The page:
Legal research can be very complex and will often require the expertise of a trained professional but there are some ways that individuals can research the law themselves. Finding answers to legal questions can involve doing research in a number of places: a public library, a Law Society library, a government department or the College of Law Library.
Public libraries and regional libraries often have general legal information and copies of important legislation. They can be a good beginning point for some understanding of a problem or question.
Many government departments and agencies have publications and fact sheets on a wide range of topics that outline rules and regulations, appeal processes and other resources. Many federal departments can be reached through the Government of Canada’s website at Canada.ca. Many provincial departments can be reached through the provincial government’s website at Saskatchewan.ca. Both websites provide access to actual legislation, as well as general legal information, answers to frequently asked questions (FAQ’s) and links to other government departments and related organizations.
The Public Legal Education Association of Saskatchewan (PLEA) has plain-language legal information on a variety of topics, including family law. PLEA does not give legal advice for specific problems. However, PLEA can help with general legal information, including suggestions on where to turn with a problem. PLEA is a province-wide service.
There are several sources of law, including written laws, called statutes, and court decisions, called case law. Often to have a full picture of what a law is, we need to know both what statute law there is, as well as what case law exists in the area. Statutes help us to know what a particular law says, while case law can help us to understand how a particular law applies to a particular situation. Again, this may require advice from a lawyer.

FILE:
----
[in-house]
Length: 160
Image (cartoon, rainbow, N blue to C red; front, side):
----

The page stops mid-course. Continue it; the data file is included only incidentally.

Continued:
Our statute laws can be passed by Parliament or the provincial Legislative Assembly, depending on whether the federal government or the provinces have the constitutional responsibility for that area of the law. Municipal governments fall under provincial responsibility and also pass laws called bylaws. Judges interpret statutes when they decide cases in court. They often look to related case law to see what other judges have said. These judicial decisions form part of the law, just as statutes do.
When a judge gives written reasons for a decision in a court case, those reasons are recorded and are available to the public. The Canadian Legal Information Institute (canlii) has a searchable database of Canadian cases that is available to the public free-of-charge. The Law Society of Saskatchewan's website has a data base of Saskatchewan Cases. They also have online tutorials on how to use both canlii and the Saskatchewan Cases Database.
As well as cases themselves there are often books and journal articles dealing with various aspects of the law. You can visit the College of Law Library or a Law Society of Saskatchewan library to find these types of resources.
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